1933 Plymouth Model PCT
he Plymouth Company, founded in July of 1928, was produced by the Chrysler Corporation. It would remain in business until 2001. The logo was a rear view of the ship Mayflower which landed at Plymouth Rock in Plymouth, Massachusetts.
Walter P. Chrysler had taken control over the troubled Maxwell-Chalmers car company in the early 1920, which included the Maxwell automobile. He used the company's facilities to help create the six-cylinder Chrysler automobile in 1924. The Plymouth followed four years later, as a low-priced alternative to other Chrysler products and positioned to compete with Chevrolet and Ford. Although they were priced slightly higher than the competition, they were fitted with many standard features including internal expanding hydraulic brakes.
During the Great Depression of the 1930s, the Plymouth division provided much needed financial infusions for the struggling Chrysler Corporation. By 1930, Plymouths were being sold at all three Chrysler divisions, including Chrysler, Dodge, and DeSoto. By 1931, Plymouth was number three in sales among all cars.
The first six-cylinder Plymouth automobiles were introduced near the end of 1932. The new-for-1933 Chrysler PC was powered by a 189.8 cubic-inch six-cylinder engine offering 70 horsepower. Five body styles were offered, including a 2- and 4-door sedan, convertible coupe, Business Coupe, and rumble seat Coupe with prices ranging from $495 to $595. They were selling at comparable prices to their four-cylinder competition, yet did not enjoy the same sales success. With 60,000 examples sold in 1933, they accounted for 20% of Plymouths 298,557 total production.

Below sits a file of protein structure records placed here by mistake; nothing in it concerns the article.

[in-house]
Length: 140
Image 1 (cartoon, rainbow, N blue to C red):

The styling was awkward and its short wheelbase was more suitable for a four-cylinder. The engine, however, was smaller internally than the four-cylinder unit it replaced but offered five additional horsepower. With the optional high compression cylinder head installed, horsepower rose by another 6 hp.
In the front was a chromed radiator shell flanked by painted, bowl-shaped headlamp shells. The interior had an engine turned panel in the center of the dashboard.
Shortly after the Model PC was introduced, Plymouth engineers quickly rushed to market a restyled alternative. The Plymouth PCXX was introduced before the spring, which had similar styling to the new PD. The Model PC was dropped from production.by Daniel Vaughan | Jan 2020
Chassis Num: 3000339
Engine Num: PC 101105
This Plymouth Model PC Rumble Seat Convertible Coupe was acquired in 1993 by the Merrick Auto Museum. Previous owners include Butch Brown of Kearny, Nebraska. It is finished in medium blue with black fenders and rides on yellow wire wheels with wide ....[continue reading]
Chassis #: 3000339